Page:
Would a new state commission finally keep us from throwing innocents in prison?
Published: March 13, 2013
"Several times they went down to the DA's office to try to tell someone Gilbert didn't do this," Smith told the Current last week. "Of course, totally oblivious to how the system works, they thought that was all that was needed. … Nobody helped them, and for a while they gave up in frustration."
Valdez again sought to clear his name four years ago when he couldn't find work due to his sex-offender status.
"When I finally looked at the investigation file, it took me all of ten minutes to figure out, good God, this case never should have been filed," Smith said. "It's like no one actually read this file carefully at any stage — not his lawyers, not the DA, not the police, and certainly not the grand jury that indicted him."
In Valdez's writ of habeas corpus petition, Smith argued that inadequate legal assistance and Bexar County's failure to turn over exculpatory evidence — the girl's statements to police and hospital workers — resulted in Valdez's guilty plea. At an evidentiary hearing in 2011, the victim again testified that two other men, not Valdez, raped her.
Valdez's conviction was overturned and charges were dismissed last year.
Michael Alvarado and friend John Brown III were out cruising when they pulled into a local H-E-B parking lot the early morning hours of May 4, 1998. As they neared an intersection, a white car pulled up and a man emerged. He walked over to the driver's side window, briefly argued with Brown, then shot him in the chest. Brown's car shot forward as he slumped over the steering wheel, his foot lodged on the gas pedal.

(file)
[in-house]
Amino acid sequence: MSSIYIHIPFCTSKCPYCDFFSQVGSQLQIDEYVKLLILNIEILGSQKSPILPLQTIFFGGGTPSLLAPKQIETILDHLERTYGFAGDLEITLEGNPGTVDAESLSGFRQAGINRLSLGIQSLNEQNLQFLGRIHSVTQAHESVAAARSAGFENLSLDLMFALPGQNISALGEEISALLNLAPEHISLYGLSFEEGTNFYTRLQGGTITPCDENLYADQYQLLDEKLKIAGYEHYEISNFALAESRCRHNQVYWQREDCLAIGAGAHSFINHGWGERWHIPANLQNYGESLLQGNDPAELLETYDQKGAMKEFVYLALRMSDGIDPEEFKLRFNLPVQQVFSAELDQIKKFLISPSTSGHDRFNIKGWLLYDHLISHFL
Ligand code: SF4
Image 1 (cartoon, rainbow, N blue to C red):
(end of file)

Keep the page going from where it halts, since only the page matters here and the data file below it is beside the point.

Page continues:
Brown died at the hospital.
Alvarado initially told police the gunman was a black man, somewhere between 5 feet, 7 inches and 5 feet, 9 inches tall. When Brown's grieving mother later saw a police sketch that aired on TV, she drew up a sketch of her own. When months passed without a lead in the case, she started flashing her sketch of the suspect everywhere she went. During a hospital visit, a nurse thought she recognized the drawing as Andre Haygood, a 24-year-old suspected gang member with prior convictions for drug possession, assault, and burglary.
Haygood was charged with murder after Alvarado picked him out of a photo lineup. Police showed Alvarado a dated photograph of Haygood, and never told him Haygood, at 6 feet, 3 inches, was considerably taller than his initial description. Years later, Alvarado would testify he was "shocked" to see Haygood was so tall when he entered the courtroom at trial.
Prosecutors insisted Haygood killed Brown during a botched carjacking attempt, while Haygood's family testified he'd been fast asleep with his kids the night of the murder. During his raucous 2002 trial, one of Haygood's defense attorneys was thrown from the courtroom and briefly placed in a holding cell. When Haygood was convicted and sentenced to life in prison, one family member shrieked in the courtroom, according to an Express-News account at the time, while another a family member gave jurors the finger.
> Email Michael Barajas